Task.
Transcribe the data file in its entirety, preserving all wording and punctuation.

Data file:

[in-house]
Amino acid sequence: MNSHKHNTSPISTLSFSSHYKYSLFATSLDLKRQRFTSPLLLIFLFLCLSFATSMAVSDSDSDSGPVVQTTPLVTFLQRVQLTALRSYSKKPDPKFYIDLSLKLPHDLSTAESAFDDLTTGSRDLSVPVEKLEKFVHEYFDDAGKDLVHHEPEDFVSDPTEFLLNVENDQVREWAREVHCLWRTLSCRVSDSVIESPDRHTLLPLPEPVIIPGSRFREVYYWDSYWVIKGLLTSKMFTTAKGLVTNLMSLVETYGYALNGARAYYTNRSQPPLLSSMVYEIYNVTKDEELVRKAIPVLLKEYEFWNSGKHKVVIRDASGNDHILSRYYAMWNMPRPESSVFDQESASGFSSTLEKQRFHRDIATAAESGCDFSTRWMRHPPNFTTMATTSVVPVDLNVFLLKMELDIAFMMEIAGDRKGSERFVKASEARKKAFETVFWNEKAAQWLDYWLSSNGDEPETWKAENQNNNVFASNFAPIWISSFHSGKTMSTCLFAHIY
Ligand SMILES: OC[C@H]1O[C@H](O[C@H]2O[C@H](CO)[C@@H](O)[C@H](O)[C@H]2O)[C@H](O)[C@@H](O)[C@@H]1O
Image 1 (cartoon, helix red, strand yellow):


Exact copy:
[in-house]
Amino acid sequence: MNSHKHNTSPISTLSFSSHYKYSLFATSLDLKRQRFTSPLLLIFLFLCLSFATSMAVSDSDSDSGPVVQTTPLVTFLQRVQLTALRSYSKKPDPKFYIDLSLKLPHDLSTAESAFDDLTTGSRDLSVPVEKLEKFVHEYFDDAGKDLVHHEPEDFVSDPTEFLLNVENDQVREWAREVHCLWRTLSCRVSDSVIESPDRHTLLPLPEPVIIPGSRFREVYYWDSYWVIKGLLTSKMFTTAKGLVTNLMSLVETYGYALNGARAYYTNRSQPPLLSSMVYEIYNVTKDEELVRKAIPVLLKEYEFWNSGKHKVVIRDASGNDHILSRYYAMWNMPRPESSVFDQESASGFSSTLEKQRFHRDIATAAESGCDFSTRWMRHPPNFTTMATTSVVPVDLNVFLLKMELDIAFMMEIAGDRKGSERFVKASEARKKAFETVFWNEKAAQWLDYWLSSNGDEPETWKAENQNNNVFASNFAPIWISSFHSGKTMSTCLFAHIY
Ligand SMILES: OC[C@H]1O[C@H](O[C@H]2O[C@H](CO)[C@@H](O)[C@H](O)[C@H]2O)[C@H](O)[C@@H](O)[C@@H]1O
Image 1 (cartoon, helix red, strand yellow):